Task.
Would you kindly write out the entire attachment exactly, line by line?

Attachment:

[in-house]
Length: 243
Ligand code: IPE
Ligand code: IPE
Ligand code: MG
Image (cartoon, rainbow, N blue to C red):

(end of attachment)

[in-house]
Length: 243
Ligand code: IPE
Ligand code: IPE
Ligand code: MG
Image (cartoon, rainbow, N blue to C red):